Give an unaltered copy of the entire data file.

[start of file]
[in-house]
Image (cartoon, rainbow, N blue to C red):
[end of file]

[in-house]
Image (cartoon, rainbow, N blue to C red):